This is it boys and girls… the real thing, all you need to know about writing a good CV.
What is a CV for?
To get you the first interview. And nothing more. When you are writing (or re-writing) your CV, bear in mind that Java developer CVs are reviewed on the following criteria:
– does this candidate have the necessary intelligence?
– do they have the necessary skills?
– how have they applied those skills?
– have they done anything interesting with their career that makes them stand out?
– what is the ratio of achievement / career progression to years of experience?
– are they going to stay in my team for enough time to make it worth me hiring them? (minimum 2 years)
– are there any warning signs on this CV?
Hiring managers value one thing above all at this stage: honesty. So if it looks like you are trying to hide something or can’t get the dates right, that is an instant reject.
Writing the perfect CV for a Java developer comes down to two things: Format and Content. I like to start with the Format first, because it gives you a skeleton to hang the rest of the CV on.
Formatting, believe it or not, is probably one of the most important things about your CV and one of the most consistently ignored by developers. Most of all your CV has to be easy to read and a well formatted CV will deliver the most important information in the most accessible way. The trick is to keep the formatting logical, uniform and simple.
At the CV weeding stage hiring managers will have somewhere between 20 and 50 CVs to get through. At this stage they are actively looking for a reason to reject your CV, so if your CV is not clear and easy to read you put a question mark above your name. Any question marks get put in the same pile as the rejected CVs after all what is the point of following up on a strange CV if you already have 5 good CVs you want to interview.
So it needs to be easy to read and answer all of the questions above.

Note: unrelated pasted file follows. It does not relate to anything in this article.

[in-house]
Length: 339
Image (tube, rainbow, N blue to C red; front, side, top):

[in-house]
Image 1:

When ordering your CV I suggest you stick to the following section headings:
– Introductory Paragraph
– Education (with training and certifications as a sub heading)
– Technical Skills box
– Career history
Both the introductory paragraph and the Personal headings can often be deleted.
No automatic spacing. No text in boxes. No boxes at all. Under NO CIRCUMSTANCES use any colour other than black. No italics. No boxes. No Certification badges at the top. No underlining. No dividing lines. No highlighting of key words in sentences. No random use of font sizes. No different use of fonts. No random paragraph alignments. No photos and no banner pictures at the top. No hyperlinks to or descriptions of companies that are household names.
You can convey everything you need to using Arial, font size ten, bold for section headings, justify all paragraphs, bullet points and good use of the English language.
If you fill your CV up with all the word processing cr@p that Word has to offer what you have got to say about yourself will be lost on the intended audience as their eyes struggle to negotiate the kaleidoscope of diversion you have hidden your experience in. Many hiring mangers tell me that they purposely don’t even read the keywords that have been highlighted with bold or underlined.
What to write:
– only the truth
– no hyperbole (don’t bulk it out with waffle, less is more).
– try to repeat yourself as little as possible. Does it make any difference if you send the same letter twice? The message only needs to come home once
– try to describe each job in this format: Say what challenge was that the team was addressing, then say what the solution to that challenge was (including main technologies) and then say what part you played in that solution.
– Gaps in your experience – explain them! Don’t leave question marks on your CV, just explain any gaps.
How to write it:
– write in a professional tone but keep it in normal English, don’t get flowery or rely too much on jargon. Use the first person. If you are struggling to find the right tone, try writing your experience down as if you were explaining it to a friend in the pub
– write your CV in the best English you can – if you want a job in an English speaking city you are going to need good English communication skills.
How to stand out:
– examples of when you have taken some initiative
– facts and figures (latencies achieves, volumes handled, deadlines hit, impact of solution on the market, etc.)
– what you did that you are proud of and explain why
– examples of programming in your spare time, including details of any web and mobile applications built
– events, conferences, meetups attended. Competitions you came pole position in
How many pages should it be? If you can get it down to one page, great, if not 2 or 3 is average. To justify writing any more than 3 you should have quite a lot to say. So if you have 10 years experience and a PhD, then I can see all of your skills, experience and work academia possibly justifying 4 pages. But no more. Remember the more you pages you have less chance you have of anyone actually reading them!